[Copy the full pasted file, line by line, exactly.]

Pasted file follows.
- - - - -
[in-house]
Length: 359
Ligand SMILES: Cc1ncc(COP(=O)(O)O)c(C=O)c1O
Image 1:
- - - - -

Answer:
[in-house]
Length: 359
Ligand SMILES: Cc1ncc(COP(=O)(O)O)c(C=O)c1O
Image 1: